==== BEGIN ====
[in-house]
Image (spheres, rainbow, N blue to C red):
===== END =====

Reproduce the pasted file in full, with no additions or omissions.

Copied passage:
[in-house]
Image (spheres, rainbow, N blue to C red):